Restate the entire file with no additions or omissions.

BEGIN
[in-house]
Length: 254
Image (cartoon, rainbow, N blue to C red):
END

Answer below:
[in-house]
Length: 254
Image (cartoon, rainbow, N blue to C red):